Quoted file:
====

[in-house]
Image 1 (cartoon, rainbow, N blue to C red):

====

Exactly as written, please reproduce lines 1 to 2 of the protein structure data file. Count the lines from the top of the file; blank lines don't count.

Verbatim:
[in-house]
Image 1 (cartoon, rainbow, N blue to C red):